By Larry Lark, contributor In the overcrowded SUV market niche, if you’re… Continue reading

2021 Dodge Durango SRT Hellcat AWD
Car review: 2021 Dodge Durango SRT Hellcat AWD

By Larry Lark, contributor If you want something truly special, get in… Continue reading

Local resident Marianna, 14, dressed up as Bun Bun the Easter Bunny to visit dozens of families in Federal Way and nearby cities in March and April. Photo courtesy of Maggie Cante Tinza
Easter celebrations in Federal Way

Residents enjoyed socially-distanced scavenger hunts, sweet treats galore, and Easter Bunny visits.

2021 GR Supra 2.0
Car review: 2021 GR Supra 2.0

By Larry Lark, contributor Cars seem to be built for stages of… Continue reading

2021 Genesis G80 RWD 2.5T Prestige
Car review: 2021 Genesis G80 RWD 2.5T Prestige

By Larry Lark, contributor The 2021 Genesis G80 RWD 2.5T Prestige is… Continue reading

Cheryl Hurst stands among the thousands of diapers being stored at Billy McHale’s in Federal Way as part of the annual March of Diapers charity drive. (Photo by Andy Hobbs/Federal Way Mirror)
Local charity collects thousands of diapers in annual drive

Federal Way area nonprofit organization Do the Right Thing has been collecting… Continue reading

Rajiv Nagaich is an elder law attorney, author, adjunct law school professor, and retirement planning visionary who has achieved national recognition for his cutting-edge work with retirees and his contributions to the practice of elder law. He is the founder of two firms based in Federal Way: Life Point Law, an elder law and estate planning firm, and AgingOptions, a firm that provides retirement-related education to consumers and professionals.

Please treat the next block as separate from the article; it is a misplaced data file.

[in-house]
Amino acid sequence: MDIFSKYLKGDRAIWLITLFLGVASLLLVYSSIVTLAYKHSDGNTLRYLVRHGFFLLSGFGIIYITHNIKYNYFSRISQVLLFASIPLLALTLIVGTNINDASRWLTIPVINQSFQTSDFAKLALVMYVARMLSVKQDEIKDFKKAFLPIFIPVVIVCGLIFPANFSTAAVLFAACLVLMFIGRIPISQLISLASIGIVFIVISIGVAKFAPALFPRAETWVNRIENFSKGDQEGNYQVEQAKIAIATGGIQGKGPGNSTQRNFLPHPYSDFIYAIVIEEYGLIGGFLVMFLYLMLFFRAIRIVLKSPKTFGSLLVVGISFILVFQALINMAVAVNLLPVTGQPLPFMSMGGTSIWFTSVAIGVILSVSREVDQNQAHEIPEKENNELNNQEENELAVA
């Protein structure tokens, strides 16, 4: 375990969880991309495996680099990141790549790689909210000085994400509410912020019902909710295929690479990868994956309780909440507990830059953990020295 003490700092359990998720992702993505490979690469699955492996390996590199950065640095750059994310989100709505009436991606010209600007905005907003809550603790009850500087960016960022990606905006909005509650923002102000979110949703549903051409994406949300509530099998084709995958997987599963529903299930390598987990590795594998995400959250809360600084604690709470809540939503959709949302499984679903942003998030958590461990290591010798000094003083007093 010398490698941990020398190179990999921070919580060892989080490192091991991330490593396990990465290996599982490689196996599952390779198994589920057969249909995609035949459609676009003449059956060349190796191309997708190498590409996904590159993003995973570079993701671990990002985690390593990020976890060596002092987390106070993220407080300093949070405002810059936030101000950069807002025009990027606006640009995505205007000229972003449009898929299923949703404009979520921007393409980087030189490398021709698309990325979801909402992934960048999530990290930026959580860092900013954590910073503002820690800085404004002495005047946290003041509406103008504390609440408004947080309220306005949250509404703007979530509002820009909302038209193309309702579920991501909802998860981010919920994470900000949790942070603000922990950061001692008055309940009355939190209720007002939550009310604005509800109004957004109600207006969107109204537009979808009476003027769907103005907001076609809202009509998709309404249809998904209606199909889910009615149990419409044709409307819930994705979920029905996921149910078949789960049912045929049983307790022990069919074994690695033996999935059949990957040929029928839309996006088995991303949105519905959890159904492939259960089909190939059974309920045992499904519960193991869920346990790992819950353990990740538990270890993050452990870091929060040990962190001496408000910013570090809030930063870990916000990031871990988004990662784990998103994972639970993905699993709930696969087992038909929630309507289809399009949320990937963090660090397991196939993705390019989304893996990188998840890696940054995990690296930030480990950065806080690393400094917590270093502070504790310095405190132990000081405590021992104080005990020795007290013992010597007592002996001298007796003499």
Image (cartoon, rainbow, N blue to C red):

The bride was 19, and the groom was 89 | Senior lifestyles

Is it love? Or is it exploitation? Last fall, a 19-year-old employee… Continue reading

Rotary Club of Federal Way President Steve Ball, right, signs the Program of Scale agreement with the Rotary Foundation with Federal Way Rotary Club member Bill Feldt. Courtesy photo
Rotary Club of Federal Way leads $6M effort to end malaria in Zambia

Federal Way’s Bill Feldt spearheaded the program in partnership with World Vision USA and the Bill & Melinda Gates Foundation.

2021 Subaru Crosstrek Sport
Car review: 2021 Subaru Crosstrek Sport

By Larry Lark, contributor Subaru has made a few tweaks to improve… Continue reading

T
Car review: 2021 Chevrolet Silverado 1500

By Larry Lark, contributor The 2021 Chevrolet Silverado 1500 Crew Cab Custom… Continue reading